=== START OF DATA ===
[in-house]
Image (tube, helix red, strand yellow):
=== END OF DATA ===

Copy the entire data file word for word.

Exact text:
[in-house]
Image (tube, helix red, strand yellow):